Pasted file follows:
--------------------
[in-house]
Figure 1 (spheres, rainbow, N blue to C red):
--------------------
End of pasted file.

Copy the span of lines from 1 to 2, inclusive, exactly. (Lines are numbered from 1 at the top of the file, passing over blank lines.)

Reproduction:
[in-house]
Figure 1 (spheres, rainbow, N blue to C red):